Everyone's a winner
Bobby Read explains why a trip to a village restaurant in Burgundy is more memorable than trying some 'award-winning' wines.
Take a walk down the wine aisle of any supermarket and it looks like a birthday parade for some tinpot dictator. Bottles adorned with more medals than a North Korean general stand eagerly to attention, hoping you will notice them. But what are many of these medals for, and are they a reliable indicator that the wine is any good?
Wine awards conjure up the idea of a sort of oenological Olympics, in which producers go head to head for the coveted prizes on offer. In fact, they’re more like a mass-entry exam in which, if you reach a certain level, you will be rewarded with something.
One wine award judge confided: "If it didn't make you retch it got a 'commended'."
In the case of ‘commended’ awards, the reward for drinkers will be pretty meagre. As Daily Telegraph wine critic Victoria Moore discovered when she questioned two wine judges. One said: “If it didn’t make you retch, it got a 'commended'.” The other confided: “A commended wine causes you less than pain.”
The judging process is taken extremely seriously for the gold, silver and bronze awards, with experts from around the world jetting in to taste hundreds of wines in rigorous blind testings. So why keep the 'commended' classification? The answer would seem to be less about wine and more about filthy lucre. Both wine producers and the competition organisations benefit from the existing system.
The international wine competitions make millions from entry fees and from charging for putting the medals on wine bottles.
Both of the two main international wine competitions make millions from entry fees and also by charging producers for putting the resulting awarded medals on their bottles. Winemakers are willing to pay because they know these medals help to shift their ‘product’, making them stand out from the hundreds of other wines on the shelves. They are now putting lots on their bottles, several of which have absolutely nothing to do with the quality of the contents. One I saw recently was for “most admired wine brand”, which must be among the most irrelevant awards – for drinkers at least.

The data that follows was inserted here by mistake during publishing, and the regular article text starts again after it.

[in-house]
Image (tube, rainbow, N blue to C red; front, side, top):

But awards shouldn’t be the winemaking equivalent of a primary school sports day, when everyone is a winner. They’re shortchanging drinkers swayed by those glittering little gongs on bottles.
I decided to try some be-medalled wines from Tesco. It was a thoroughly miserable experience. The ones I tried at least were dreadful and it’s no fun drinking rubbish. Taking grandmother’s advice that if you have nothing nice to say then you shouldn’t say anything at all, my lips are sealed on my ill-starred supermarket excursion.
Much more exciting was a wine tasting I went to in Beaune while at home in France. It had a reasonable line up of wines, but nothing to really get my pulse rate roaring. Though what happened next did.
Fixin is one dictator’s choice of wine that I can wholeheartedly endorse.
On the way home I stopped off in Fixin, which is almost in the suburbs of Dijon and the second most northern village of the Cotes de Nuits winemaking region. After winding your way to the top of the village you get to a restaurant called Au Clos Napoleon, serving the sort of homemade Burgundian specialities that are becoming harder and harder to find, such as oeufs en meurette (eggs poached in red wine), escargots, jambon persilles (ham terrine with parsley) and, of course, boeuf bourguignon. All of these dishes were delicious and well priced. It was, however, the wines on offer that really sent me into raptures.
It was a hot day and we were sitting outside on the terrace within touching distance of vines. Of the 250 or so burgundies on the list we started with a fat and luscious Marsannay (the next village a few kilometres north) Clos de Roy 2017 from Domaine Mongeard-Mugneret, which tasted wonderful and was, at €60, well priced.
But it was the red that I will always remember. We opted for a spicy yet smooth Fixin Premièr Cru “Clos Napoleon” 2015 from Domaine Gelin. Although it weighed in at a hefty €108, it was well worth it as a holiday treat. It tasted beautiful, but what made it so memorable for me is that we drank it while we were all but sitting in the vineyard where the grapes it was made from were grown.
Fixin was allegedly Napoleon’s favourite wine. I can understand why. This is one dictator’s choice that I can wholeheartedly endorse.